DCSIMG

Keith Waterhouse: Showbiz and media figures remember writer UPDATED

Leading figures from showbusiness and the media gathered today to say an affectionate farewell to Keith Waterhouse.

* Click here to sign up to free news and sport email alerts from your YEP.

The life of the author, journalist and playwright, who died in September aged 80, was celebrated in a thanksgiving service at St Paul's - "the actors' church" - in London's Covent Garden.

* Click here to follow the YEP on Twitter.

The hour-long service featured a rousing rendition of an excerpt from Waterhouse's play Jeffrey Bernard is Unwell by stage and screen legend Peter O'Toole, who starred in the West End smash hit.

He delivered lines from the play, provoking laughter from the congregation, complete with a Bloody Mary from which he took a swig at the end.

He said before reading the excerpt: "In my late middle age, Keith presented me with Jeffrey Bernard is Unwell.

"In 1999, in my early antiquity, with the same team, we did the play again, at the Old Vic. Keith and I enjoyed what every author and actor wants, a zonking great hit."

O'Toole said that print journalism and the pub had been "stifled" in recent years. "Keith's play has become a comical elegy on this double demise."

Waterhouse was one of Britain's most prolific authors, writing more than 50 books, plays and television scripts.

His retirement from his twice-weekly Daily Mail column after almost a quarter of a century was announced in May last year.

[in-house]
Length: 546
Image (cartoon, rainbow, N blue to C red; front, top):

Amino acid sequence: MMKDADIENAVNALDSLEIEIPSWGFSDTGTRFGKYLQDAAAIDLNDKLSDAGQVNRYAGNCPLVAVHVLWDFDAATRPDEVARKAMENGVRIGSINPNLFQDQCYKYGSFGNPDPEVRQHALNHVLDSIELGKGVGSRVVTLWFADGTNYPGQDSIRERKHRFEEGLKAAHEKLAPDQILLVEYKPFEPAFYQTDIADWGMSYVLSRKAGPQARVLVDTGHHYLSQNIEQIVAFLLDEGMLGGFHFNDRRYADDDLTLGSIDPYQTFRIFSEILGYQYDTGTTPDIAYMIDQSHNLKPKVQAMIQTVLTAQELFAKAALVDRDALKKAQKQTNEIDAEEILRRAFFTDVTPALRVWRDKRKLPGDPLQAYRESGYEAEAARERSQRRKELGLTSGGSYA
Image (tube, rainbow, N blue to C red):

He rose from humble beginnings to see his name in lights.

After school he became a clerk in an undertaker's office, which provided inspiration for his book and play Billy Liar, the story of a daydreamer planning his escape from an undertaker's job.

Following National Service in the Royal Air Force, Waterhouse achieved his ambition to be a reporter on the Yorkshire Evening Post.

He landed his first Fleet Street job on the Daily Mirror in 1951.

Waterhouse would also often draft articles and speeches for former Labour leader Hugh Gaitskell and former prime minister Harold Wilson.

A newspaper strike in 1956 gave him the time to write his first novel, There Is A Happy Land, set on a Leeds housing estate.

Waterhouse was a great drinking friend of Jeffrey Bernard.

Along with Willis Hall, with whom he collaborated in dramatising Billy Liar, Waterhouse wrote Jeffrey Bernard Is Unwell, based on Bernard's weekly "Low Life" columns in the Spectator magazine.

 
 
 

Back to the top of the page